How a Company Used Artificial Intelligence to Expedite ASC 842 Compliance

How a Company Used Artificial Intelligence to Expedite ASC 842 Compliance

While the Financial Accounting Standards Board’s (FASB’s) new lease accounting standard (ASC 842) was intended to properly recognize the economics of leasing activity on a company’s financial statements, the process of adhering to the new standard has posed multifaceted challenges. Common transition issues include assessing the validity, completeness and accuracy of a company’s existing lease portfolio; potential challenges related to prior lease classifications; and identifying and quantifying the entire pool of leases embedded in other business arrangements and contracts.

One of the new standard’s biggest challenges, however, is less procedural and more human in nature: the mindset shift required to move from paper-oriented lease processes to a much more digital approach. It turns out that artificial intelligence (AI) can help make this transition smoother, faster and more cost-effective.

That’s what a global manufacturing company’s corporate finance group and their information technology (IT) colleagues, along with a team of external consultants, learned when faced with the daunting task of manually abstracting data from hundreds of lease documents in compliance with ASC 842 within a tight, self-imposed deadline to allow time for adequate review and testing. This meant that the company had approximately 26 weeks to analyze a population of 700 to 800 lease documents – or so the project team initially thought.

Getting an accurate read on the organization’s lease volume proved difficult considering the sheer size and scope of the company’s global operations and its vast sales and distribution channels. While some lease-related documents are easily recognizable, other sources of lease data can be extremely difficult to identify, especially when those details are embedded in customer contracts or service agreements.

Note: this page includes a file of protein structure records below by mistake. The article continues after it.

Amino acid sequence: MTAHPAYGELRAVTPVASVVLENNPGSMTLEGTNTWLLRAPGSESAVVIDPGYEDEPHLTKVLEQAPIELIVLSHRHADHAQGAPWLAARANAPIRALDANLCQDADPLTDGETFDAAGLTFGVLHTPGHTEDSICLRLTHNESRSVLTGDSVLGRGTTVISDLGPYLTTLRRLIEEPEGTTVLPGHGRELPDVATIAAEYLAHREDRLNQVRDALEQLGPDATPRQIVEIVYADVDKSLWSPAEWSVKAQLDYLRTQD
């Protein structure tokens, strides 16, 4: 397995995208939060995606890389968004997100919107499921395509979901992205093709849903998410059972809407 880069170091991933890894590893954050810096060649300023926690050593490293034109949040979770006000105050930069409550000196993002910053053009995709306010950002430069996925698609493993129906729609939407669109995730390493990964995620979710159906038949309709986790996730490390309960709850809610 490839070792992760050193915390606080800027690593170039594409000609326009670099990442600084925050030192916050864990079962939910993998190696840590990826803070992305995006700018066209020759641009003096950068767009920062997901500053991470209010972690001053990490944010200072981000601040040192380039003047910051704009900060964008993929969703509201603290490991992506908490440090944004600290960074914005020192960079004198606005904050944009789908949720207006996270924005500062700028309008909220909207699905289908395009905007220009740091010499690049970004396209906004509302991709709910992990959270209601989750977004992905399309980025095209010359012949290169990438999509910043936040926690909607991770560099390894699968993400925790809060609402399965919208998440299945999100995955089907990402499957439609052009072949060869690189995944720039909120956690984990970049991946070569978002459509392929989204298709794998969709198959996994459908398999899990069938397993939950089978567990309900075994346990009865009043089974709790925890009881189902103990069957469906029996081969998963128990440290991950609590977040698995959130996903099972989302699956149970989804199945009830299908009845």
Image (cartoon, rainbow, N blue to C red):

To address this implementation challenge, the project team organized and conducted a comprehensive lease discovery operation consisting of confirmations with external vendors, questionnaires and workshops with business owners, and reviews of general ledger transaction details and spend patterns. This thorough effort, which took place over 10 weeks, ensured that all leases (embedded or otherwise) were identified and captured. That was a successful first step. But this success resulted in another challenge: The project team found 1,700 leases, well over twice the original estimate, to manually review and process within the remaining 16 weeks. The company’s lease accounting software required 90 unique fields to be populated for each of the 1,700 leases, a volume of work that the team realized would likely extend well past the adoption deadline given available project resources. So, the project group devised an automated data abstraction tool driven by AI.

Lease documents were uploaded in digital format and converted to text files using high-speed document scanning and optical character recognition (OCR) conversion. The team engaged consulting experts to develop and apply machine learning and natural language processing algorithms to train the system to recognize and “get” key lease accounting terms.

Although not all 1,700 leases could be subjected to the AI capabilities, roughly half of the leases were deemed sufficiently standardized and of good scan quality to subject to the AI tool. Relevant values from these documents were exported to the template and uploaded into the accounting software. Samples were validated to ensure accuracy. Simultaneously, the remaining leases were processed manually due to an overall lack of standardization among the documents.

This combination of cutting-edge technology, lease accounting expertise, knowledge of accounting software and old-school manual work helped the manufacturing company comply with the new lease accounting standard on time, months ahead of the required deadline. The effort resulted in an estimated 15 to 20 percent reduction in project hours and an estimated 42 percent reduction in the costs that would have been incurred through an entirely manual approach to complying with the new lease accounting standard. This compliance success now has the manufacturing company considering similar applications of AI along with robotic process automation to other areas of corporate finance and throughout the business.

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Charles Soranno
Charles G. Soranno
Managing Director